Part 7 Practical Wellness: Relationships


“Like exercise, our relationships have real effects on our physiology, health and development,” said J. Eric Vance, M.D.,

Are relationshops important for wellness?

Have you ever started a new positive relationship with someone and noticed just how good that felt?

Most people have experienced the ‘honeymoon phase’ in an intimate relationship where there was love, excitement and passion that seemed to lift them up on a cloud where life’s troubles are replaced with hope and reality is suddenly seen through a new rose tinted lens.

That is the power of love in an intimate relationship but falling in love is elusive and the honeymoon phase tends to fade or not last but it does show us the impact another can have on your internal state. The opposite can be true also where a toxic or negative relationship can have a incredibly negative impact on wellbeing and even health.

Why your relationships are important for your wellness

Although you will be most affected by your most intimate relationships such as a spouse, partner or parent, there are many relationships that will play an important role in your wellness. Relationships are all about connections and how you connect with the people whom you relate to regularly or whom are important to you in some way such as your friends, colleagues or a boss.

The quality of the relationship depends on the quality of the connection and a positive relationship can be defined as when both people are growing and supporting or contributing to each others growth. To put that simply a healthy relationship is where a win-win scenario is present and in an unhealthy relationship one or both people is losing.


The anti-stress effect of healthy relationships

Building positive relationships, especially with those closest to you, can have a profoundly positive impact on wellbeing and even health. Research has shown that people with a network or close relationships provides strong protection against the effects of stress and illness. In fact statistics now clearly show that isolation is the biggest determinant of premature death!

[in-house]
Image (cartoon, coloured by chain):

Feeling safe in a healthy relationship has even been shown to release hormones like oxytocin that have an ‘anti-stress’ effect by helping to lower blood pressure and the stress hormone cortisol and even boost the immune system. In fact the protective effect of healthy relationships is statistically comparable to the benefits of quitting smoking.

The complexity of human relationships

The reality is that human relationships are not always that simple and as anyone in a long term relationship will testify that relationships are not easy. Human beings and their behaviour can seem incredibly complex and it can be difficult enough to enjoy the connection with ourself, never mind with someone else.

Some relationships can be by far the most difficult dimension of wellness to get right and yet the reward and return on investment that comes from maintaining healthy relationships are incredible. Relationships also provide the greatest opportunity to learn more about yourself and a huge amount of personal growth can be achieved by working on relationships and by resolving conflicts.

5 Top Tips to Improve Your Relationships

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